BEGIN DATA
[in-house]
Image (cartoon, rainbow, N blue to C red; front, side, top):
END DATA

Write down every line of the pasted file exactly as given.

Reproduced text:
[in-house]
Image (cartoon, rainbow, N blue to C red; front, side, top):